Well, it's finally here. The cold snap I've been talking about since the end of November has arrived in a modest fashion, with YVR recording temperatures in the low single digits today (or upper 30's for my American readers).
I have to give my accolades to the forecasting technologies available in 2013, that can effectively predict the future through state-of-the-art ensemble forecasting. Folks, this wasn't possible in the 1980's.
Look at the NAEFS ensembles from November 24th, already locking into the cold pattern we would start to experience an incredible 11 days later, with even some control members picking it up a little bit earlier. We've reached a point where picking up on these long term, large synoptic scale features is becoming the norm up to two weeks in advance!
How's our old friend the omega block (discussed earlier here), developing way out in the Pacific Ocean between 140-145W?
Remember, look for the Ω shape.
That's one healthy looking ridge (for now...), but in the next 72 hours, the right side of the omega block will bring significant troughing pattern to our region, and with it bring some cold air advection into the Pacific Northwest. The amount of energy this system can bring down from the arctic into lower latitudes is monstrous, and it's the prime set-up to bring very low temperatures to the region from BC to California and beyond.
There's been a lot of hype around snow already, and I'd like to set the record straight.
Do I believe YVR will see snow from this cold event?
When? NO idea right now, still too early. I have my ideas with time frames, but I'm not confident we'll see a significant accumulation until after this weekend.
But, I'll give you a little tip, and if you don't mind pass it along to a few other people.
For example, last night a photo was widely circulated on social media showing a ginormous amount of forecasted snowfall for Seattle metro area last night, using the WRF-GFS forecast model:
If we were to derive a forecast of this one model, these are the ludicrous snowfall amounts:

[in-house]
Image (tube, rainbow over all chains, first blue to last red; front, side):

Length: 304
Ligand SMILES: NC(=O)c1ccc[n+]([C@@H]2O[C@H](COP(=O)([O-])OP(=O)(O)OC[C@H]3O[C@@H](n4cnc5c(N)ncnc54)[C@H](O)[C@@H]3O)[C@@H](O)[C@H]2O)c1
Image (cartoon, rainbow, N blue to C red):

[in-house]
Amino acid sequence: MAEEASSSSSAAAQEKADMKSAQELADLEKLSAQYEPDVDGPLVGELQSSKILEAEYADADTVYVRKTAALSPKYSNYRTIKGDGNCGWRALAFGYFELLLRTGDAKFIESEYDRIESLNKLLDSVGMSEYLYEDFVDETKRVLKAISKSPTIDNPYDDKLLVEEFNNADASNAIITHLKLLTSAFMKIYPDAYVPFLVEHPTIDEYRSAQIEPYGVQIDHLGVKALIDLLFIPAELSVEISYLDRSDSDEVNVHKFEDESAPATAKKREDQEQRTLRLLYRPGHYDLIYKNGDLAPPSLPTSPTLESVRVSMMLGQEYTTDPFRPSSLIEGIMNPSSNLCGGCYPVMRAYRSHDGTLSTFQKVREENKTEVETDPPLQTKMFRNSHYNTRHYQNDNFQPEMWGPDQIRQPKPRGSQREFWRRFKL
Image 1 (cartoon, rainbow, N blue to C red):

Port Alberni, BC: ~ 32 inches
Vancouver, BC: 12-16 inches
Seattle Metro, Washington State: 16+ inches
I know it's sometimes fun to look at super long range forecasts and fantasize and hype what the weather could be, but one rule of thumb to go by for snowfall forecasts:
Ignore them if they're further than 72 hours out.
Don't pay attention to them. Seriously. The one above in particular is a whopping 180 hours into the future, where we can barely grasp where the cold and warm air will be.
To prove my point, here is the following run of the WRF-GFS. Little different, eh?
Take home message: Don't trust snowfall projections. Especially more than 72 hours out.
But how are the next 72 hours looking?
With model support, it's going to get a lot colder, but just how cold remains a little hard to nail down. One thing is clear, we have one healthy omega block; in fact, one of the most beautiful I've ever seen in my time tracking weather systems and storms:
The image above shows a lot of energy coming down from the Yukon and the Northwest Territories, and it's been ever so slightly shifting further west and digging a bit more, at least with the NAM runs.
This upper level trough is due in our region on Thursday, and flurries are expected along the coast. I'm expecting little to no accumulation, but there could be a few surprise locations picking up a few cm, but it will be very scattered and spotty. Stay updated on the short range forecasts. They will change.
Temperatures Friday morning will be downright chilly away from the water. Temps at the 925 mb (700-800m ASL), are projected to be around -15C just east of YVR, with a lot of ensemble forecast agreement here.
This cold air is going to be entrenched in our area for some time, and will take a significant pattern change to scour out the cool, dense air. Even if the omega block moves eastward, cold air will remain in place below the planetary boundary layer (below 1.5km).
I still think when this is all said and done, will be a significant arctic outbreak for BC and the west coast, not only because it's relatively early, but also the length and projected cold temperatures.
There's also the possibility our beloved omega block gets 'pinched off,' which would throw yet another forecasting wrench into the long range forecasters. Most forecasters are being cautious and conservative and going with a gradual warm up, beginning early next week. Meteorologists in the public eye can't have the luxury to take as many forecasting risks, because they would quickly lose public support and trust.
Let the fun begin. Stay warm, readers.
- 686 days since YVR has recorded a sub zero high (January 19th 2012)
- Coldest temperature at YVR past 10 years
- -15.2C December 2008
- Coldest all time temperature at YVR
- -17.8c in January 1950 and December 1968
- Coldest recorded temperature since records have been kept
- January 17th, 18th 1875: -20.5C (New Westminster Station)